Australian technology news, reviews, and guides to help you
Australian technology news, reviews, and guides to help you

Does Google really give me free photo storage?

google-photos-menu-shortcutFinding a place to store and share all your photos isn’t necessarily easy. Fortunately, if you have an Android or an iPhone, you have unlimited photos provided you have a Google account.

Yes, call it a lesser known fact than not all realise, but if you happen to have a Google account — be it one for Google Mail, Google Drive, or anything else that ends in — you have access to Google’s free Photos storage, available at

That includes anyone who owns an Android phone and uses the Google Play Store, because to get access to the store, you have to have a Google account, and again this qualifies you for the free unlimited photo storage.


For those not sure what this is, as you can imagine, it’s a storage and indexing service for your photos, for all those bits and pieces you capture on the camera you take everywhere you go, with a system that grants image storage for files up to 16 megapixels for free, with a virtually unlimited amount on the proviso that you only upload in JPEG format.

That’s certainly a rule most people can account for, and unless you capture using a digital SLR or something as high grade, you’ll almost only have JPEG images to upload to the cloud. It’s worth noting that Google will likely do some compression to the images, because even uploading an unlimited supply of up-to-16-megapixel images will have an impact, and plus it sells storage, so it’s not likely to want to pull from other areas it could be making money.

Once the images are uploaded, you can share them with friends, do some minor edits, download them; you know, the usual thing you might expect a photo storage system to do.

Videos are also uploadable to Google’s free photo storage system on Google Photos, with files captured in up to 1080p Full HD being uploaded, found amongst the photos you choose to upload at the time.

There’s even a good chance that if you own an Android purchased in the past few years, it may well be doing this for you without you realising it, uploading your files to the cloud — your own personal cloud that no one else can see without you approving it first — so that you have some form of backup.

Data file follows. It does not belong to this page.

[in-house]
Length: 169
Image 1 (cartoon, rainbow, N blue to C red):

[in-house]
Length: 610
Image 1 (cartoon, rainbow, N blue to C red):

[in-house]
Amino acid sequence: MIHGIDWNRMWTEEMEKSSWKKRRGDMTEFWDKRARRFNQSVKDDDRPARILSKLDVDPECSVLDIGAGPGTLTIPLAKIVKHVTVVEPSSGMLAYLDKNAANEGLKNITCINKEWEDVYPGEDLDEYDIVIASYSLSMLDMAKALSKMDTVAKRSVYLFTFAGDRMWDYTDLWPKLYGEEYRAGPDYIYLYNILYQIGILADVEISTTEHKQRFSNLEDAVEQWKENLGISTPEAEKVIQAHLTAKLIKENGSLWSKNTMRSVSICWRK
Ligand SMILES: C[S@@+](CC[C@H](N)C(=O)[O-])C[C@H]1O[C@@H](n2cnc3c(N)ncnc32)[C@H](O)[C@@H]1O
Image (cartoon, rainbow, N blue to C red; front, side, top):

Google's "Assistant" in Photos will try and join the dots for your photo library, collecting events into an album for you.
Google’s “Assistant” in Photos will try and join the dots for your photo library, collecting events into an album for you.

You might ask “why does Google offer this free?”

After all, storage costs money, and services like Apple’s iCloud — as well as the numerous photo storage websites — tends to charge for the privilege of keeping your files.

We’d love to say it’s the search giant being friendly, but the smart money is on your images being used to train the analysis systems handled by Google, and also possibly offer ads against the data it harvests.


Let’s say you take pictures only of dogs, and you take a lot of these photos.

Google’s Photo album analysis algorithm is going to find that, and this helps to train the system to better understand what makes a dog photo, between the furry face, small black eyes, or the fact that it looks vaguely like a scruffy looking nerfherder, or at least the thing that stood next to the nerfherder.


In our gallery, Google Photos does a fairly good job of identifying things, though it’s clear it has a bit of trouble separating neon lights from cars, perhaps looking for bright neons and colour streaks as car motion. Still, there’s a pretty solid winning streak of identifying what things are, and thanks to the GPS found inside every phone — and the phone communicating position by way of cell tower — it can handle places well, too.

It’s very likely that this analysis is being used to better Google’s algorithms, and in the end it doesn’t you a thing, though like most services, you are not obligated to use it, of course.

Gaining access to the free photo storage happens by way of the “Photos” app that is usually pre-installed on Android phones, while iPhones will have to download it and sign in before they can use the service.

Google is looking for "cars" in these photos, and probably matching it based on streaks of light. That's not necessarily cars, but we get it.
Google is looking for “cars” in these photos, and probably matching it based on streaks of light. That’s not necessarily cars, but we get it.

If you own one of the Google Pixel or Pixel XL phones released in 2016, it’s handy to know that not only do you receive the free photo storage like everyone else, but you also get to upload in the original quality for both photo and video, with the compression switched off and support for 4K video added.

Uploading video in 4K won’t be terribly friendly to your mobile’s data plan, which is the one serious catch to the Pixel’s generous inclusion, so just be aware of the massive file sizes before switching this feature on.

Google’s Pixel phones offer free storage for all your photos in the original compression. Neat.
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